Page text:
A second issue with DB2 is the desire to purge off older transactions so that we can maintain good performance in our running systems. Here we tend to strike a balance between keeping data available for reporting purposes and removing it quickly to optimize performance. Many years ago, we'd unload these from the database and store them on tape datasets. More recently, DB2 archive tables have become an option. But it can be less expensive to store those archival transactions in a data lake. As a bonus, we can offload data more quickly if the data lake can handle the reporting workload. So, some type of big data technology will be useful and if it also supports the index/search capability then we're on our way to augmenting DB2. We'll add a data lake to our configuration to support long-term storage and large search capabilities.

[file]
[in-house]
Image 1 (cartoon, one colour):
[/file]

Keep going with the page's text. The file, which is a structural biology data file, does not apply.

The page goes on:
Now we need an efficient means of copying our data from DB2 into the data lake. The first approach often selected involves using a database extract tool to make a point in time copy of the original. Basically, dump the data from the tables and load it into a new set. If the original is infrequently updated, this can be a useful mechanism for copying data. It does not require much more than a client network connection to the source. But we probably want a good portion of our data to flow from the source into the target.